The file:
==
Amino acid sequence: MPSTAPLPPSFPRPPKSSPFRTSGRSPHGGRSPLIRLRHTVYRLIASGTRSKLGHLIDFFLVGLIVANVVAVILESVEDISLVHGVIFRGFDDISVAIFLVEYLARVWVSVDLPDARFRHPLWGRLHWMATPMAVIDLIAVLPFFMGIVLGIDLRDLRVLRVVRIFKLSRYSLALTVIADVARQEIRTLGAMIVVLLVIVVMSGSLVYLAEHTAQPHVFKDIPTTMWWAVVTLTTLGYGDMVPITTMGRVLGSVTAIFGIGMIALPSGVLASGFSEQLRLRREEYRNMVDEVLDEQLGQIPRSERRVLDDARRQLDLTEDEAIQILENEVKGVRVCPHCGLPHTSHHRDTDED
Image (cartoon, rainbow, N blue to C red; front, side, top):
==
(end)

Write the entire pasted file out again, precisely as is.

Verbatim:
Amino acid sequence: MPSTAPLPPSFPRPPKSSPFRTSGRSPHGGRSPLIRLRHTVYRLIASGTRSKLGHLIDFFLVGLIVANVVAVILESVEDISLVHGVIFRGFDDISVAIFLVEYLARVWVSVDLPDARFRHPLWGRLHWMATPMAVIDLIAVLPFFMGIVLGIDLRDLRVLRVVRIFKLSRYSLALTVIADVARQEIRTLGAMIVVLLVIVVMSGSLVYLAEHTAQPHVFKDIPTTMWWAVVTLTTLGYGDMVPITTMGRVLGSVTAIFGIGMIALPSGVLASGFSEQLRLRREEYRNMVDEVLDEQLGQIPRSERRVLDDARRQLDLTEDEAIQILENEVKGVRVCPHCGLPHTSHHRDTDED
Image (cartoon, rainbow, N blue to C red; front, side, top):